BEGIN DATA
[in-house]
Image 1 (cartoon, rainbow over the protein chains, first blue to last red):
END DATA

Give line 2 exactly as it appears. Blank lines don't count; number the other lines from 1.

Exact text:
Image 1 (cartoon, rainbow over the protein chains, first blue to last red):